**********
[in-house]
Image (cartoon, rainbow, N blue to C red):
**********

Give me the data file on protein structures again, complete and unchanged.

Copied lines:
[in-house]
Image (cartoon, rainbow, N blue to C red):